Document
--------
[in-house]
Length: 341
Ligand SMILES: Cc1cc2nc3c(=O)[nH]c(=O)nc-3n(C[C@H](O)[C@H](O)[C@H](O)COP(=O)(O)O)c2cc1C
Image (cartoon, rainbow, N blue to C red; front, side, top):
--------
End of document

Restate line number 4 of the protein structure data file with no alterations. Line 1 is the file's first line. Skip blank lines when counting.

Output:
Image (cartoon, rainbow, N blue to C red; front, side, top):